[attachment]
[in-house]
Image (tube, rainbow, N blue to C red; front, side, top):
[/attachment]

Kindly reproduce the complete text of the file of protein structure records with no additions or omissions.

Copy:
[in-house]
Image (tube, rainbow, N blue to C red; front, side, top):